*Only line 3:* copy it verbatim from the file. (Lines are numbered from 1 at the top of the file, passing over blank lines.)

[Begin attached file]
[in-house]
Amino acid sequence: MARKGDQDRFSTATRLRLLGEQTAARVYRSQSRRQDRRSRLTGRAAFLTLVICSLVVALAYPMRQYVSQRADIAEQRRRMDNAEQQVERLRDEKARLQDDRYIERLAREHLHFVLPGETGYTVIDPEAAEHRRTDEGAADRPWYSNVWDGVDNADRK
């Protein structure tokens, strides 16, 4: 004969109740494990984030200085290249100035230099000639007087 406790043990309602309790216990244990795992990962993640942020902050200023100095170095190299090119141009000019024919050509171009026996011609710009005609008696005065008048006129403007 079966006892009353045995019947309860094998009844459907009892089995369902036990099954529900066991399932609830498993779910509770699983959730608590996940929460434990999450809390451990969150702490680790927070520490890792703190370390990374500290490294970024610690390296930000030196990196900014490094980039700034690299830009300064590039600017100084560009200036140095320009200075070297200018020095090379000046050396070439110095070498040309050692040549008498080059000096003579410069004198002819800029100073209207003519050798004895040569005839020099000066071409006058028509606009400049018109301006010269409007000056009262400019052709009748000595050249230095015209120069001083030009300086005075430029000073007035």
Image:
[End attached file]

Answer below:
């Protein structure tokens, strides 16, 4: 004969109740494990984030200085290249100035230099000639007087 406790043990309602309790216990244990795992990962993640942020902050200023100095170095190299090119141009000019024919050509171009026996011609710009005609008696005065008048006129403007 079966006892009353045995019947309860094998009844459907009892089995369902036990099954529900066991399932609830498993779910509770699983959730608590996940929460434990999450809390451990969150702490680790927070520490890792703190370390990374500290490294970024610690390296930000030196990196900014490094980039700034690299830009300064590039600017100084560009200036140095320009200075070297200018020095090379000046050396070439110095070498040309050692040549008498080059000096003579410069004198002819800029100073209207003519050798004895040569005839020099000066071409006058028509606009400049018109301006010269409007000056009262400019052709009748000595050249230095015209120069001083030009300086005075430029000073007035």